Mixwit makes it easy to create embeddable mixtapes (otherwise known as custom playlists). We touched upon the company a couple weeks ago as part of our Y Combinator demo day roundup but never gave it our full treatment.
A similarly-named service called Mixaloo serves up label-sanctioned tracks and requires users to buy them to hear more than 30-second previews. Mixwit differs by drawing its songs from Seeqpod, an MP3 search engine that indexes full-length tracks from mainstream artists but charges nothing for them. Granted, not all of the audio files found by Seeqpod have decent quality (many simply don’t work at all) but that’s the price of free.
Both companies facilitate the spread of mixtapes across the net, but the costlessness of Mixwit really gives it an edge (despite Mixaloo’s promise to split sales revenues with mix creators). Mixwit also provides more extensive tools for customizing the look and feel of the mixtapes themselves, lending itself to greater ranges of self-expression. Users can pick from a collection of nice-looking skins, upload their own images, and tweak several other settings such as shadow and gloss effects.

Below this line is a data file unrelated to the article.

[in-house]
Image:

So the creation and sharing of mixtapes with Mixwit is easy and effective. But what I find particularly interesting are Mixwit’s plans to expand its offering into a more complete online media solution. The founders like to describe their company as a cross between Slide and iTunes because they plan to release an in-browser media player that will leverage the APIs of various web services to collect content found across the web. In addition to Seeqpod, they plan to include support for Flickr, YouTube, and Skreemr as well. The idea is that you’ll be able mash up different types of media (music, photos, videos, etc), bookmark them, compile them into playlists, and share with friends via widgets and the player itself.
This product has yet to make it off the drawing board (the second screenshot above is just a mockup). But the idea is promising and could be a big hit with social network junkies. It would also be a browser-based cousin of Songbird, a Mozilla-based desktop app that also strives to be the web’s media player.
Update: We’ve removed the widget once embedded here for fear of driving up someone’s hosting bill. Go here to see it.